IT’S not often you hear, or see, a Formula E driver being ‘incredulous’ about the performance of an electric-supercar prototype.
That was the case with Lucas di Grassi, the Brazilian racing star, at a recent CES online ‘demonstration’ of the Audi e-tron GT.
The car is regarded as the mothership of Audi’s electric future in that the supercar’s technologies will filter into its mainstream EVs. And it gets here next summer.
Lucas drove, and we watched online, at a special event from Germany. At times he was lost for words, such was the extreme level of the car’s propulsive impressions: “It’s crazy, incredible, such torque...” and so on.
That must have come as music to the ears of Audi executives. After all, the brand is pinning a big share of its future on this car being such a mould breaker.
I had the temerity to ask about the relevance of such a high-powered exotic Gran Turismo (GT) – before the action unfolded.
I should have bided my time and I wouldn’t have had to ask.
The answers came through quickly and quite strongly before di Grassi took off.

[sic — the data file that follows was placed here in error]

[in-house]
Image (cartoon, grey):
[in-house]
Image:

So much of what they are doing with this car will find its way into your next Audi electric vehicle – or certainly the one after that.
They are calling it “maybe the most important Audi ever; certainly the most attractive”.
Di Grassi wasn’t the only one pushing the hyperbole button – well, you can’t
The car’s 800v system can take a charge of up to 270Kw.
Two motors – one for each axle – make it all-wheel-drive.
The battery lies under the floor between the axles and, despite being 2.5ins lower than the A7, the GT’s occupants are said to have plenty of room in the cabin.
The big focus for di Grassi was how precisely the car drove (far better than an internal combustion engine, he said) – and how quickly it responded to changing inputs: from use of dampers, to adaptive suspension to steering... and so on.
And after all that technical stuff... in a leather-free cabin the seats are made of recycled fabric.
And the carpets are made from recycled nylon.